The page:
Differences Between The Film and The Novel
Kubrick's film is relatively faithful to the Burgess novel, omitting only the final, positive chapter, wherein Alex matures and outgrows sociopathy. Whereas the film ends with Alex offered an open-ended government job — implying he remains a sociopath at heart — the novel ends with Alex's positive change in character. This plot discrepancy occurred because Kubrick based his screenplay upon the novel's American edition, its final chapter deleted on insistence of the American publisher. He claimed not to have read the complete, original version of the novel until he had almost finished writing the screenplay, and that he never considered using it. The introduction to the 1996 edition of A Clockwork Orange, says that Kubrick found the end of the original edition too blandly optimistic and unrealistic.
- Critic Randy Rasmussen has argued that the government in the film is in considerable shambles and in a state of desperation while the government in the novel is quite strong and self-confident. The former reflects Kubrick's preoccupation with the theme of acts of self-interest masked as simply following procedure.
One example of this would be differences in the portrayal of P.R. Deltoid, Alex's "post-corrective advisor". In the novel, P.R. Deltoid appears to have some moral authority (although not enough to prevent Alex from lying to him or engaging in crime, despite his protests). In the film, Deltoid is slightly sadistic and seems to have a sexual interest in Alex, interviewing him in his parents' bedroom and smacking him in the crotch.
- In the film, Alex has a pet snake. There is no mention of this in the novel. This was added by Kubrick due to Malcolm McDowell's fear of snakes.
- In the novel, F. Alexander recognises Alex through a number of careless references to the previous attack (e.g., his wife then claiming they did not have a telephone). In the film, Alex is recognised when singing the song 'Singing in the Rain' in the bath, which he had hauntingly done whilst attacking F. Alexander's wife. The song does not appear at all in the book, as it was an improvisation by actor Malcolm McDowell when Kubrick complained that the rape scene was too "stiff".
- In the novel, Alex is offered up for the treatment after killing a fellow inmate that was sexually harassing him. In the film, this scene was cut out and, instead of Alex practically volunteering for the procedure, he was simply selected by the head of the government due to speaking out of turn.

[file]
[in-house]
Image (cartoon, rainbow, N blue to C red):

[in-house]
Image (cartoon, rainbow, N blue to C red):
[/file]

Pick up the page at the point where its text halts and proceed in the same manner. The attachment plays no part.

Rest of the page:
- In the novel, Alex drugs and rapes two ten-year-old girls. In the film, the girls are young adults that seem to have consensual, playful sex with him, with no suggestion of using any drugs and without any violence.
- In the novel, the writer was working on a manuscript called A Clockwork Orange when Alex and his gang are breaking into his house. In the movie, the title of the manuscript is not visible, leaving no literal reference to the title of the movie. Some explanations of the title are offered in the Analysis section of the novel.
- Early in the film, Alex and his droogs brutally attack a drunk, homeless man. Later, when Alex is returned to society, he is recognized by the same man. The homeless man gathers several other homeless men to beat Alex, who is unable to defend himself. These scenes do not appear in the book, but there is a similar scene in which an elderly man heading home from the library is beaten and his books destroyed by the droogs. After Alex is returned to society, he decides he wants to kill himself and goes to a library to find a book on how to do it. There, he is recognized by the man he had beaten and is attacked by him and a gang of other old library patrons.
- Alex is beaten nearly to death by the police after his rehabilitation. In the film, the policemen are his former droogs, Dim and Georgie. In the book, instead of Georgie, who was said to have been killed, the second officer is Billy Boy, the leader of the opposing gang that Alex and his droogs fought earlier, both in the movie and the book. This is a significant difference because Dim and Georgie had only been mocked and humiliated by Alex before his treatment and Billy Boy had nearly been killed, which implies the beating that Alex received from him was probably much more savage and hateful.
Read more about this topic: A Clockwork Orange (film)
Famous quotes containing the words differences between the, differences between, differences and/or film:
“What strikes many twin researchers now is not how much identical twins are alike, but rather how different they are, given the same genetic makeup....Multiples dont walk around in lockstep, talking in unison, thinking identical thoughts. The bond for normal twins, whether they are identical or fraternal, is based on how they, as individuals who are keenly aware of the differences between them, learn to relate to one another.”
—Pamela Patrick Novotny (20th century)
“The differences between revolution in art and revolution in politics are enormous.... Revolution in art lies not in the will to destroy but in the revelation of what has already been destroyed. Art kills only the dead.”
—Harold Rosenberg (19061978)
“The mother must teach her son how to respect and follow the rules. She must teach him how to compete successfully with the other boys. And she must teach him how to find a woman to take care of him and finish the job she began of training him how to live in a family. But no matter how good a job a woman does in teaching a boy how to be a man, he knows that she is not the real thing, and so he tends to exaggerate the differences between men and women that she embodies.”
—Frank Pittman (20th century)
“Film as dream, film as music. No art passes our conscience in the way film does, and goes directly to our feelings, deep down into the dark rooms of our souls.”
—Ingmar Bergman (b. 1918)